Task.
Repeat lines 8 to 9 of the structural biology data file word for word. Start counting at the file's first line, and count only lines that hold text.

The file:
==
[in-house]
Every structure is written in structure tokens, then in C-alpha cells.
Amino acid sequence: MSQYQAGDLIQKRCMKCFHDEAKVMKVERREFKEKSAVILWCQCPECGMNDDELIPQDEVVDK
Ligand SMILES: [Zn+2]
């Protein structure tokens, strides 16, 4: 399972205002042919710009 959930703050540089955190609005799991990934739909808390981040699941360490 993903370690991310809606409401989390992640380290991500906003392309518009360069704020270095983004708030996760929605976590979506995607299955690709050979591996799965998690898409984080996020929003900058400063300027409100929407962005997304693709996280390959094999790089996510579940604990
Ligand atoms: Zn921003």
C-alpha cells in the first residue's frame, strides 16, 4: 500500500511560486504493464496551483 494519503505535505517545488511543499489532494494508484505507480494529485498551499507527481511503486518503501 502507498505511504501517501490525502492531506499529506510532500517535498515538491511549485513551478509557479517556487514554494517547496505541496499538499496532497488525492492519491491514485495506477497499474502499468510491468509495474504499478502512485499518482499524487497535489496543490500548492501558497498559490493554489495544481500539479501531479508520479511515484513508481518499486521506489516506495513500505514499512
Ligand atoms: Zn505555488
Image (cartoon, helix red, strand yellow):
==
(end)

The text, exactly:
Ligand atoms: Zn505555488
Image (cartoon, helix red, strand yellow):